• Faux Affably Evil: It's mentioned that Tick-Tock is very charismatic, and people can't look away from him for very long, feeling almost hypnotized by his presence. He's also very polite and gentle with Jake at first (or at least more polite and gentle than the brutal and thuggish Gasher) and seems more educated and relaxed in general than the rest of the Grays, then Jake manages to accidentally press his Berserk Button...
  • Large and in Charge: When Jake first meets him, he notes that Tick-Tock is a very big man, and the only one of the Grays he's seen that looks healthy.
  • Lightning Bruiser: In addition to the aforementioned size, Tick-Tock also moves with an eerie speed (demonstrated when he gets out of his casual sitting position, pulls a knife from its scabbard, and flings it into the chest of a laughing woman from across the room in the time it takes to blink), and Jake notes with dismay that he may actually be faster than Roland. Luckily, this theory is never tested.
  • Starter Villain: He is the first minor antagonist the full ka-tet faces, directly before they encounter the much more dangerous Disk One Final Boss, Blaine the Mono.
  • Walking Shirtless Scene: He is described as being naked to the waist the whole time.

    Gasher 

Gasher

https://static.tvtropes.org/pmwiki/pub/images/gasher.jpg

Allegiance: Unfound

Appears in: The Waste Lands


"Put it away, my dear heart. Ye're a fierce trim, ay, that's clear, but this time you're outmatched."

The first Gray that the ka-tet meet in the post-apocalyptic city of Lud, who kidnaps Jake and speaks with a barely-understandable dialect.
  • Dead Man Walking: He is in a very advanced stage of an extremely nasty disease known only as the mandrus; the common name "whore's blossoms" implies it's an STD.
  • Faux Affably Evil: He's yer old pal, Gasher! That's if "yer old pal" beats you senseless over small things and imagined slights.
  • Gonk: He's described as being startlingly ugly even without the mandrus.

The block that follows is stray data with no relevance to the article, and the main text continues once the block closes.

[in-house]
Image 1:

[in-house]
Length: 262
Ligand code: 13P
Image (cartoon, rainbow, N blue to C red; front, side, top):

• Heterosexual Life-Partners: Gasher and Hoots, another Gray, were always butt-buddies of old, says Tick-Tock. Hoots even writes down the password for gaining entry to the Cradle of the Grays and gives it to Gasher to help him remember, which Gasher seems quite grateful for (even though he can't read).
  • Hidden Depths: Jake discovers that he has a surprisingly good tenor singing voice.
  • Kick the Dog: The way he slaps poor Jake around is almost casual, but extremely cruel and vicious.
  • Pirate: He seems a lot like a pirate by his description and how he is dressed. but not at all the dashing kind.
  • Poisonous Person: He even dares Jake to bite him, because this sickness he has "runs in the blood" as he says.
  • Would Hurt a Child: Gasher is not at all gentle when he kidnaps Jake, constantly hitting him hard, to the point that Jake sees stars and nearly passes out.

    Jack Mort 

Jack Mort

https://static.tvtropes.org/pmwiki/pub/images/jackmort.jpg

Also Known As: The Pusher

Allegiance: Unfound

Appears in: The Drawing of the Three


"But he kept his secret self — the part of him that was The Pusher — as carefully locked away as an embezzler might lock away his secret skim."

A major antagonist in The Drawing of the Three, Jack Mort is a serial killer who calls himself "The Pusher" and is responsible for both Jake's first death and Susannah's split personality.
  • Death by Irony: Roland forces him to kill himself by jumping in front of the same subway train he pushed Odetta under many years before. Even then, Roland surmises that this death was not bad enough for one as evil as Jack.